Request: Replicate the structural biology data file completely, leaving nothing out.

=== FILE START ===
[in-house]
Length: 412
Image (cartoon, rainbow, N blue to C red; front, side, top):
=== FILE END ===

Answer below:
[in-house]
Length: 412
Image (cartoon, rainbow, N blue to C red; front, side, top):